Hypopyon refers to an inflammation of the anterior chamber of the eyeball, which produces cell infiltration and a collection of pus.
It is a medical condition that consists of an accumulation of fluid between the cornea and the iris.
This pus-like fluid made of white blood cells or leukocytes does not contain or include any bacteria or fungi. In fact, this condition seems to be the result of an immune reaction.
The human body dispatches white blood cells to defend this area against potential pathogens attacking the eye. In those case, the development of Hypopyon is a sign of a systemic illness.
However, sometimes it occurs because of an intraocular inflammatory process resulting from the complication of a penetrating surgery to the eye.
If the condition occurs because of ocular tumors, the fluid would likely consist of neoplastic cells. In such cases, this disease gets called “Pseudohypopyon.”
As Hypopyon is the result of an immune reaction, there are several infections which can make the body to respond in such a way.
Systemic and local conditions that affect the iris and the uvea can lead to several diseases that could induce this immunological response from the body.
Some of such diseases are the following:
They are open sores in the outer layer of the cornea. More often than not, an infection due to bacteria, virus, or fungi, is the cause this condition.
But in some cases, severe dry eye or other ocular disorders, such as corneal dystrophy, can cause it too. Another potential factor that induces the development of this condition is trauma to the eye.
This damage to the cornea can also occur due to foreign bodies or chemicals.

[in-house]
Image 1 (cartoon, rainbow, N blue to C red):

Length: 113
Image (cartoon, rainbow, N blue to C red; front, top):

The danger is in the possibility of several pathogens entering into the eye through that open sore or getting foreign bodies lodged inside.
The resultant infection will induce the immune reaction that causes Hypopyon.
It is an infectious disease that primarily impacts the lungs, but it can affect other areas of the body. This infection features the progressive growth of nodules in the tissues.
A bacteria called Mycobacterium tuberculosis is the cause of this condition. They transmitted through the air by droplets generated in the respiratory system of a patient suffering from this disease.
Even though it usually affects the lungs, the same bacteria can cause Uveitis, an ocular disease that can lead to the development of Hypopyon.
Uveitis is an inflammation of the uvea, which is the middle layer of the eye between the sclera and the retina.
Herpes Simplex and Herpes Zoster
Herpes Simplex, more specifically the Type-1 Herpes Simplex, is a virus that often causes a condition which consists of inflammation and small blisters or cold sores on the skin.
However, this very same virus can cause Ocular Herpes, a recurrent viral infection which can result in scarring of the cornea. People often refer to this damage as a cold sore in the eye.
Herpes Zoster refers to the re-awakening of the latent varicella-zoster virus, the same pathogen responsible for chickenpox.
Sometimes, this infection never leaves the body after overcoming chickenpox. Instead, the virus can remain dormant for years until getting reactivated
It features rashes with blisters on the skin that cause considerable pain or discomfort.
Both of these microorganisms can cause Hypopyon as well.
Lyme Disease and Toxocariasis
Lyme Disease, also known as Lyme borreliosis, is a condition that features fever, headache, fatigue, as well as rashes on the skin.
The cause of this infectious disease is a bacteria called Borrelia burgdorferi, which gets transmitted to humans through tick bites.
One the symptoms of this condition are pain and discomfort when the eye gets exposed to light, and ocular inflammation. In fact, this disease can cause damage, as well as swelling of the optic nerve.
This disease can result in the inflammation of the cornea. And in some cases, it can even produce conjunctivitis along with a discharge of pus.